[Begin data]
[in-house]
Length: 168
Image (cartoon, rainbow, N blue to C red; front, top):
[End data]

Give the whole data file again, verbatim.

[in-house]
Length: 168
Image (cartoon, rainbow, N blue to C red; front, top):